Last year, the government created a new £148 million fund to improve cycling networks across Britain. With the intention of spending the money by 2015, it included £77 million to be split across some of the UK’s largest cities, and a further £17 million for national parks. But, not content with the pace of reform, left wing agitators are now threatening to use equalities legislation to force local councils to invest further in cycle networks, because “social justice”.
Writing in the Guardian, Peter Walker asks: “not a vast amount has happened in recent years to improve the lot of cyclists on British roads. Campaigns, pestering MPs, direct action – nothing seems to have worked. So how about just taking legal action under equalities legislation, forcing local authorities to provide proper cycle infrastructure?”
He has taken inspiration from Rachel Aldred, a sociologist and transport academic at the University of Westminster. Aldred makes the case that cycling is a “social justice issue” because poor people own fewer cars but are more likely to live in built up areas or by busy roads (presumably because proximity to a busy road tends to depress a property’s value). This is cited as a case of “environmental inequality”.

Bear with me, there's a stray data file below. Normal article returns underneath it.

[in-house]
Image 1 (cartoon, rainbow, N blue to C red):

Furthermore, most cyclists tend to be white men. Aldred reveals that, of Burnley’s 397 regular cycle commuters, only 24 are women. “Similar statistics show older people, black and minority ethnic people and disabled people (more on the latter group below) are all more at risk to be, as Aldridge puts it, “excluded from cycling”,” notes Walker.
Happily for the lefties, all of these groups share “protected characteristics” under the Equalities Act of 2010, meaning that local authorities must take steps to meet their needs. It is on this basis that Aldred and Walker would like to see a test case brought before the British courts, demanding that local authorities be forced, under the Equalities Act, to put in place widespread cycle networks.
Oddly, although Walker seeks someone with “a big bank balance and a buccaneering spirit” to bring the test case, it does not appear to have occurred to him, or Aldred that they could simply ask financiers with deep pockets for the funds to build the cycle networks themselves, without calling on the taxpayer to finance their pet project. But then, that wouldn’t be social justice.